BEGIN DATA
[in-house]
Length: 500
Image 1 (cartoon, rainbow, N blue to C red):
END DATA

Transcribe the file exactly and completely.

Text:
[in-house]
Length: 500
Image 1 (cartoon, rainbow, N blue to C red):